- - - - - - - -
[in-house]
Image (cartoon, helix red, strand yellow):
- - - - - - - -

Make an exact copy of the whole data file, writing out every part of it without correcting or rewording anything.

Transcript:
[in-house]
Image (cartoon, helix red, strand yellow):